Conclusions and Relevance
There has been significant improvement in trauma care capacity during the past decade in Ghana; however, critical deficiencies remain and require urgent redress to avert preventable death and disability. Serial capacity assessment is a valuable tool for monitoring efforts to strengthen trauma care systems, identifying what has been successful, and highlighting needs.
Trauma has become increasingly recognized as a leading cause of death and disability.1-3 To benchmark capabilities, trauma care capacity assessments in low- and middle-income countries (LMICs) have been performed. Additionally, these assessments have generated evidence to support advocacy and identified specific deficits to inform targeted interventions.4
Despite more than 20 assessments, only 2 countries have compared repeated assessments with baseline capacity to determine the effect of trauma care advocacy or interventions over time.4-8 Serial assessment after 3 years of surgical capacity expansions in Sierra Leone demonstrated significant improvements at nearly all of the 10 hospitals reassessed.4,5 In Hanoi, Vietnam, initial assessment of trauma care occurred in 2002. After identifying deficiencies in training and physical resources, targeted interventions were implemented. One year later, 9 of 13 items at district-level hospitals and 7 of 13 items at city hospitals were more often available and used than before the interventions.8 Serial capacity assessments are useful for quantifying the effect of health systems, strengthening efforts in LMICs, and informing the way forward.9,10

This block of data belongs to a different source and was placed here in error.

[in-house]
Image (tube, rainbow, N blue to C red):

In 2004, a systematic assessment of trauma care capacity was performed in Ghana using the World Health Organization’s Guidelines for Essential Trauma Care.3,11 Since then, Ghana witnessed the birth and growth of a national ambulance service, implementation and maturation of the National Health Insurance Scheme, creation and dissolution of a trauma care continuing education course, formation of an emergency medicine training program, and rapid urbanization with concomitant increases in road injury.12-16 The summative effect of these exposures on national trauma care capacity is unknown.
This study aimed to compare the availability of trauma care services and the resources necessary to provide them in district-level and regional hospitals in Ghana between 2004 and 2014. By doing so, the effects of a decade of change in Ghana’s trauma care landscape can be assessed and potential interventions defined.